Located at 223 West Main St. in Johnstown, the Fulton County Courthouse was built in 1772 when New York state was still a British colony.
The building is the oldest existing courthouse in the state and one of the oldest buildings in the nation still in use as a courthouse.
Robert P. Best worked in the historic structure as a state Supreme Court Justice for 15 years, Fulton County Judge for 10 years and district attorney.
Best was previously mayor of Gloversville and before that a law clerk to his uncle Willard Best, who was also a Fulton County judge.
Robert Best, a Pennsylvania native and U.S. Navy veteran, retired in 2006 and lives in Florida. He has been writing a booklet on the history of the Johnstown courthouse. It’s hoped that the booklet will be published in February.
Best said that Sir William Johnson, who had founded Johnstown, suggested to colonial Gov. William Tryon that a county be created west of Albany “for doing legal business.” The governor liked the idea and the new jurisdiction was named Tryon County.
The first judges were relatives or friends of Johnson. Johnson contributed 500 pounds toward the cost of building the courthouse in the summer of 1772. Best said Johnson “also provided 25 gallons of rum to refresh the brick masons, the mill wrights and the other sundry help who built the courthouse during the hot months.”
It was the only courthouse west of Albany when it was first built. Two years after the courthouse was constructed Johnson died and soon the Revolutionary War began.
After the war the name of the county was changed from Tryon to Montgomery to honor patriot Gen. Richard Montgomery who died while leading an attack on Quebec City in the Revolutionary War.
The building became the Montgomery County Courthouse. Development along the Mohawk River, including the Erie Canal and railroad, became the “big thing” economically, according to Best. The Montgomery County seat moved to Fonda, located on the river, in 1836.
The courthouse, jail and clerk’s office in Johnstown were sold at public auction for $2,040 the next year.
The people in and around Johnstown were dissatisfied that the county seat had moved and convinced the state Legislature to create a new county from part of northern Montgomery County, naming the new county after Robert Fulton, who had improved on the invention of the steam engine.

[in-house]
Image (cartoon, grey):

The Johnstown courthouse, jail and clerk’s office were repurchased. Best said that lawyer and later judge Daniel Cady is called the Father of Fulton County for presiding over this transaction. Cady’s daughter was Elizabeth Cady Stanton, the pioneer suffragist.
Best said, “In 1980 something, an architectural firm went through (the courthouse), gave it good marks as continuing as a courthouse. It needed air conditioning and a few other things but otherwise it passed muster. So holding court in it was just a habit with me. It was there before I was elected and I hoped that it would stay after I was elected. It was like a movie scene from an old movie of what a courthouse looks like and it still does. A landmark in the city of Johnstown and I’m glad that it still is.”
Best added, “There’s not many things left around nowadays that reflect the past and I hope that it doesn’t become one of those monuments that somebody wants to tear down or burn like is happening in other places.”
Best’s daughter, art teacher Meredith Best, is designing artwork for the booklet, including pictures of the courthouse, Sir William Johnson, Elizabeth Cady Stanton and others.
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